23 May 1916 - WW1 Blog - Jersey Heritage

There are concerns that some people arriving the Island are unaware that taking photographs is presently prohibited in Jersey.


There are concerns that some people arriving the Island are unaware that taking photographs is presently prohibited in Jersey. To reinforce the message, therefore, the Lieutenant Governor, General Rochfort, has requested that all mail boats prominently display printed notices informing visitors of the wartime restrictions in place.

Under the Defence of the Realm regulations, the military authorities are able to place a ban on taking photographs in any area deemed militarily sensitive or which by printing may aid the enemy. Jersey as a whole is considered a ‘prohibited area’ which means that photographs cannot be taken at any location without written permission. It seems that certain visitors are not aware of this situation, however, hence the need to remind them before arriving in the Island.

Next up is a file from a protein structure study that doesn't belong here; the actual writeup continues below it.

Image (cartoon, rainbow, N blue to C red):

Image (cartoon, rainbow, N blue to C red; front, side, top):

Acting on the instructions of General Rochfort, the Attorney General has written to those companies operating the steamships providing services to and from Jersey. He has requested that they display notices setting out the Island’s photography restrictions so that no one can claim they were unaware. The response has been generally supportive from the shipping companies although one has asked that Jersey provide the appropriate printed notices.

Associated Record:

D/Z/H2/6 contain a letter on displaying photography restriction notices from the Lieutenant Governor’s office and response from the London and South Western Railway Company.